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I'm trying to figure out something like this.

In a graph, there are 2 start nodes and 2 destination nodes. Find the optimal paths from the 1st start to the 1st destination, and the other start to the other destination, such that if two entities were to travel along these paths, they would never be at the same node.

My first thought (although I really have no idea) would be to use any shortest path algorithm, let's say Dijkstra's. Run the algorithm once for the first entity, and store the node chosen for every step in an array. Run the algorithm a second time for the second entity, and if the chosen node for a step is the same as it was for the first entity at that array index, then they would collide, so choose the next best node instead. There must be a better way to do this.

Could use some suggestions. Thanks!

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Can they travel along the paths at any speed or does it have to be the same speed (e.g. if there's an overlap at the 5th node in the one path with the 2st node in the other path, is that okay (only 5th node and 5th node being the same, for example, would've been a problem)?)? –  Dukeling Apr 17 '14 at 0:13
    
Only 5th node and 5th node the same would be a problem. It's like two kids walking home from school (although their starts are different, so let's say they begin walking from different classrooms). One of them is trying to avoid coming into direct contact with the other so he doesn't get bullied. :P –  senjougahara Apr 17 '14 at 0:28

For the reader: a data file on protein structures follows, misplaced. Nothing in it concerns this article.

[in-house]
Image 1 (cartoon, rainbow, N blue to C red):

2 Answers 2

up vote 3 down vote accepted

I think you might consider a dynamic programming approach. At iteration 0, let s_0 = {(origin_0, origin_1)}. For iteration k+1, let s_k+1 = {(x,y) | x != y, exists an (prev_x, prev_y) in s_k s.t. e(prev_x, x) in E and e(prev_y, y) in E}. This should proceed forward with |s| < V^2 for every s. So if the best case distance is d, you should be able to do this in d*V^2 time. Good luck on doing better!

Update: The above solution actually runs in d * E^2, as per the comments below. Note that it will converge within d = V^2 iterations, so the total time is (VE)^2. But more importantly, this algorithm is actually the same as just running Bellman Ford on the product graph G' = (V', E') where V' = {(x,y) | x <- V, y <- V, x != y} and two nodes u = (x,y), v = (x',y') in V' share an edge if there is an edge e(x,x') and e(y,y') in the original edge set E. But now that we've defined our algorithm as Bellman Ford on the product graph, we might as well run Dijkstra's Algorithm! Note that the order of G' (number of vertices) is V^2 - V = O(V^2), and the number of edges in G' is O(E^2). Thus, running Dijkstra's using a Fibbonacci heap will take us at most O(E^2 + V^2 log V), which for anything other than the sparsest of graphs will essentially be O(E^2)! That's a major improvement. If you actually want to run this, you can use a graph library to build the product graph, and then just call shortest paths from (x0, y0) to (xT, yT).